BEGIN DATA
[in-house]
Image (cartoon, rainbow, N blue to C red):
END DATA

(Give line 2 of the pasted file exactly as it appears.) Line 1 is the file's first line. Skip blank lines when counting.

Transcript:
Image (cartoon, rainbow, N blue to C red):